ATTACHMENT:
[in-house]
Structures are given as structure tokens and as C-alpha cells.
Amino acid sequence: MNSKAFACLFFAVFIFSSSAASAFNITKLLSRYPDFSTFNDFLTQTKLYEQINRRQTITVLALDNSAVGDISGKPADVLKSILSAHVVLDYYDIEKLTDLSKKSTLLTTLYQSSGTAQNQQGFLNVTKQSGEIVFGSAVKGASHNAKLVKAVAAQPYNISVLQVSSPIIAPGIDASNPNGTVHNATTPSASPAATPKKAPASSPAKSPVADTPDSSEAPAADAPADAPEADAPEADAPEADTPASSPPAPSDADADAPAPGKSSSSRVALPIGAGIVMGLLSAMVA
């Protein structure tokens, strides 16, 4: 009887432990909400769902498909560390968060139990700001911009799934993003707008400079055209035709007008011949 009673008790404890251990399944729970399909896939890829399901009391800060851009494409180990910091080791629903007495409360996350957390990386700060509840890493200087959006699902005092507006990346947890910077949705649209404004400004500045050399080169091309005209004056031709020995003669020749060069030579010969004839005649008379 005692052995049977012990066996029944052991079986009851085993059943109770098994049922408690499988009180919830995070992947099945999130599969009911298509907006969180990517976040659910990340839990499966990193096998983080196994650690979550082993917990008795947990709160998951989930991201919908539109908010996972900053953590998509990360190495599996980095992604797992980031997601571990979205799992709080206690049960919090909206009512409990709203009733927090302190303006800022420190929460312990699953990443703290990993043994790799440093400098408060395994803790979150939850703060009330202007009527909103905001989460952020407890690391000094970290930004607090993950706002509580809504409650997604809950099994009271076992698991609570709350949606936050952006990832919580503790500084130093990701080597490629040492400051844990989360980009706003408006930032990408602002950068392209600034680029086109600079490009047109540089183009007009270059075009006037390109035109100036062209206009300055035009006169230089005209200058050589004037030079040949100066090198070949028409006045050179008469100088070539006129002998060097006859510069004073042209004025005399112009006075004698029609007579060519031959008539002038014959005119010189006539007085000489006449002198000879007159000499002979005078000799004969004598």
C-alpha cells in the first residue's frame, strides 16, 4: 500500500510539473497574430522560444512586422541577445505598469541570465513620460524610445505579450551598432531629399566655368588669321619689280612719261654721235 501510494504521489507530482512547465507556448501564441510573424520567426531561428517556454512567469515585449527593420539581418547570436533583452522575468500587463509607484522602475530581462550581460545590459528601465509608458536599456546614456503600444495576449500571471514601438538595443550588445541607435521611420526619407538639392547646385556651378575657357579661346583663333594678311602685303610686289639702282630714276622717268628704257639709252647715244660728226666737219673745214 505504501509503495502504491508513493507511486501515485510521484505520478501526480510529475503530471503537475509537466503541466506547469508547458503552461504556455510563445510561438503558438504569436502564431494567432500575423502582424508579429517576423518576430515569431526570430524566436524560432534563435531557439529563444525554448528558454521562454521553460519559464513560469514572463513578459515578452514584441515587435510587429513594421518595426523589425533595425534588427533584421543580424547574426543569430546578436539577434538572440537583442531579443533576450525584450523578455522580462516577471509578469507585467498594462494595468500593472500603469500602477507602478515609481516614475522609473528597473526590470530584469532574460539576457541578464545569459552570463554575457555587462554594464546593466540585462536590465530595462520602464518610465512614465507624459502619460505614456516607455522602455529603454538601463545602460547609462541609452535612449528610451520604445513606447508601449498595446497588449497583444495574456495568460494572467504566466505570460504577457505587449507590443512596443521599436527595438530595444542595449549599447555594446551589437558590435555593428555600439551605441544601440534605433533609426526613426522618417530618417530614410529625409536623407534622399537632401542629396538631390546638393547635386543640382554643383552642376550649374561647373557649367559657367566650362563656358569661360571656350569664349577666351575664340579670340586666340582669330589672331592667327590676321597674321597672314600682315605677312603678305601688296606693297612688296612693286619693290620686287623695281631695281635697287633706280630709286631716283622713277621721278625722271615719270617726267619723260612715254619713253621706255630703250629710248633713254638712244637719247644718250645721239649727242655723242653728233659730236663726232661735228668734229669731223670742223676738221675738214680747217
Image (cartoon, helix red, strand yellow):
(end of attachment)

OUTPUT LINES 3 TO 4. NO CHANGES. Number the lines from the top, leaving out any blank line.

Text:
Amino acid sequence: MNSKAFACLFFAVFIFSSSAASAFNITKLLSRYPDFSTFNDFLTQTKLYEQINRRQTITVLALDNSAVGDISGKPADVLKSILSAHVVLDYYDIEKLTDLSKKSTLLTTLYQSSGTAQNQQGFLNVTKQSGEIVFGSAVKGASHNAKLVKAVAAQPYNISVLQVSSPIIAPGIDASNPNGTVHNATTPSASPAATPKKAPASSPAKSPVADTPDSSEAPAADAPADAPEADAPEADAPEADTPASSPPAPSDADADAPAPGKSSSSRVALPIGAGIVMGLLSAMVA
């Protein structure tokens, strides 16, 4: 009887432990909400769902498909560390968060139990700001911009799934993003707008400079055209035709007008011949 009673008790404890251990399944729970399909896939890829399901009391800060851009494409180990910091080791629903007495409360996350957390990386700060509840890493200087959006699902005092507006990346947890910077949705649209404004400004500045050399080169091309005209004056031709020995003669020749060069030579010969004839005649008379 005692052995049977012990066996029944052991079986009851085993059943109770098994049922408690499988009180919830995070992947099945999130599969009911298509907006969180990517976040659910990340839990499966990193096998983080196994650690979550082993917990008795947990709160998951989930991201919908539109908010996972900053953590998509990360190495599996980095992604797992980031997601571990979205799992709080206690049960919090909206009512409990709203009733927090302190303006800022420190929460312990699953990443703290990993043994790799440093400098408060395994803790979150939850703060009330202007009527909103905001989460952020407890690391000094970290930004607090993950706002509580809504409650997604809950099994009271076992698991609570709350949606936050952006990832919580503790500084130093990701080597490629040492400051844990989360980009706003408006930032990408602002950068392209600034680029086109600079490009047109540089183009007009270059075009006037390109035109100036062209206009300055035009006169230089005209200058050589004037030079040949100066090198070949028409006045050179008469100088070539006129002998060097006859510069004073042209004025005399112009006075004698029609007579060519031959008539002038014959005119010189006539007085000489006449002198000879007159000499002979005078000799004969004598």